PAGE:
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President Trump To Cut Regulations By '75 Percent' — How Real Is That?

The Food and Drug Administration headquarters in Silver Spring, Md. The FDA is one of a number of federal agencies with wide-ranging regulatory power intended to protect Americans.
Andrew Harnik
The Food and Drug Administration headquarters in Silver Spring, Md. The FDA is one of a number of federal agencies with wide-ranging regulatory power intended to protect Americans.

In a meeting with business leaders, President Trump on Monday made an eyebrow-raising claim.

As part of an effort to make America more business-friendly, Trump said: "We think we can cut regulations by 75 percent. Maybe more, but by 75 percent."

Republicans do seem serious about some kind of regulatory reform. But even conservative economists say that number is not believable.

It has been said that the president likes to have an adversary. And at the meeting, Trump took aim at government regulations that stifle business.

"We're gonna be cutting regulation massively," the president said. "The problem with the regulation that we have right now is that you can't do anything. You can't, I have people that tell me they have more people working on regulations than they have doing product."

Of course, there are all kinds of government regulations. The Occupational Safety and Health Administration aims to keep workers safe. The Food and Drug Administration makes sure we have food that's safe to eat. The Environmental Protection Agency protects the environment.

Trump suggested that there wouldn't be a downside to the important goals of the nation's myriad federal regulations.

"Now we're gonna have regulation," he said, "and it's gonna be just as strong and just as good and just as protective of the people as the regulation we have right now."

"We're gonna take care of the environment, we're gonna take care of safety and all of the other things we have to take care of," said the president.

It's a bit unclear what Trump means when he says he thinks he can cut "75 percent" of regulations. Does that mean of all government regulations? Or 75 percent of the burden on American businesses overall? And even if that were possible, how could that be done with no downside to the important missions of regulators?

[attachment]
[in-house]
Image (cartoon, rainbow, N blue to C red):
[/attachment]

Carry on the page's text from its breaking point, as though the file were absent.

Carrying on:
Peter Van Doren is an economist with the Cato Institute, a free-market think tank. He edits Cato's quarterly journal, Regulation. NPR asked him if Trump's "75 percent" statement was realistic or if it makes any sense.

Van Doren chuckled and said, "Well, President Trump, he's about signaling."

Van Doren says that as an economist, he's a bit more delicate than the media.

"We have all these fancy words for what you might call 'lying,' " Van Doren said. "This is a game and Trump is signaling his supporters that he's serious."

But Van Doren says if history is any guide, no president has been able to undo that many federal regulations. So Van Doren says it won't be 75 percent or even massive. "I think it's gonna be probably somewhere in the moderate to small range."

It appears this is the latest in a serious of exaggerations or some previously reported falsehoods in the president's first few days in office.

Still, Republicans do seem serious about regulatory reform. Philip Wallach is a political scientist at the more liberal-leaning Brookings Institution. He says lawmakers are introducing bills such as "the SCRUB Act, which would create a commission specifically designed to find old regulations that are not worth their cost and get them revised or deleted."

Wallach thinks there could be some meaningful culling of regulations. He says some of that could be a good thing — to get rid of pointless red tape where it exists, if it's truly pointless.

He also notes that Republicans don't have a filibuster-proof 60 votes in the Senate. So Wallach says Democrats will have to choose their battles, but in many cases they could block the repeal of what they think are really good regulations.

Copyright 2020 NPR. To see more, visit https://www.npr.org.

NPR correspondent Chris Arnold is based in Boston. His reports are heard regularly on NPR's award-winning newsmagazines Morning Edition, All Things Considered, and Weekend Edition. He joined NPR in 1996 and was based in San Francisco before moving to Boston in 2001.
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